Evaluation of a hierarchical reinforcement learning spoken dialogue system
Computer Speech and Language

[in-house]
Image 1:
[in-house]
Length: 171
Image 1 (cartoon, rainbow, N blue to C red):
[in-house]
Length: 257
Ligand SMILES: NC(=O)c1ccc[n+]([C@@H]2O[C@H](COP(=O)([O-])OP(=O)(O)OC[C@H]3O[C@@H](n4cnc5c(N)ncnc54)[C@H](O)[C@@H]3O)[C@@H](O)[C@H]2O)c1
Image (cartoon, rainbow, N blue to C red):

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We describe an evaluation of spoken dialogue strategies designed using hierarchical reinforcement learning agents. The dialogue strategies were learnt in a simulated environment and tested in a laboratory setting with 32 users. These dialogues were used to evaluate three types of machine dialogue behaviour: hand-coded, fully-learnt and semi-learnt. These experiments also served to evaluate the realism of simulated dialogues using two proposed metrics contrasted with ‘Precision-Recall’. The learnt dialogue behaviours used the Semi-Markov Decision Process (SMDP) model, and we report the first evaluation of this model in a realistic conversational environment. Experimental results in the travel planning domain provide evidence to support the following claims: (a) hierarchical semi-learnt dialogue agents are a better alternative (with higher overall performance) than deterministic or fully-learnt behaviour; (b) spoken dialogue strategies learnt with highly coherent user behaviour and conservative recognition error rates (keyword error rate of 20%) can outperform a reasonable hand-coded strategy; and (c) hierarchical reinforcement learning dialogue agents are feasible and promising for the (semi) automatic design of optimized dialogue behaviours in larger-scale systems.